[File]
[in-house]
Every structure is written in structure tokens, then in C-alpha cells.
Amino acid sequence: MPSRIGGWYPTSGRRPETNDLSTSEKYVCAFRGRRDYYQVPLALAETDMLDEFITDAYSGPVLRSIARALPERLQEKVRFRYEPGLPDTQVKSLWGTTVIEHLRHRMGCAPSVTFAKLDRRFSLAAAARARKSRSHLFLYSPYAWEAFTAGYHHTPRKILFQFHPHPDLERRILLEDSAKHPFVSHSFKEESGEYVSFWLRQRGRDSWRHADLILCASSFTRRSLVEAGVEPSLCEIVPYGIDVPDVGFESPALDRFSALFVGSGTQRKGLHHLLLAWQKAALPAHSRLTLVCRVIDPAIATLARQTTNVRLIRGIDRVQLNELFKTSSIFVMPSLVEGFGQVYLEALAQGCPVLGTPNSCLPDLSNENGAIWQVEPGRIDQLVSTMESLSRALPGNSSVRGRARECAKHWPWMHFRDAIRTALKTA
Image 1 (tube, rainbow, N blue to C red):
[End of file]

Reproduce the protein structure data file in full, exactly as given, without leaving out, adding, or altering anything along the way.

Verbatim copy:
[in-house]
Every structure is written in structure tokens, then in C-alpha cells.
Amino acid sequence: MPSRIGGWYPTSGRRPETNDLSTSEKYVCAFRGRRDYYQVPLALAETDMLDEFITDAYSGPVLRSIARALPERLQEKVRFRYEPGLPDTQVKSLWGTTVIEHLRHRMGCAPSVTFAKLDRRFSLAAAARARKSRSHLFLYSPYAWEAFTAGYHHTPRKILFQFHPHPDLERRILLEDSAKHPFVSHSFKEESGEYVSFWLRQRGRDSWRHADLILCASSFTRRSLVEAGVEPSLCEIVPYGIDVPDVGFESPALDRFSALFVGSGTQRKGLHHLLLAWQKAALPAHSRLTLVCRVIDPAIATLARQTTNVRLIRGIDRVQLNELFKTSSIFVMPSLVEGFGQVYLEALAQGCPVLGTPNSCLPDLSNENGAIWQVEPGRIDQLVSTMESLSRALPGNSSVRGRARECAKHWPWMHFRDAIRTALKTA
Image 1 (tube, rainbow, N blue to C red):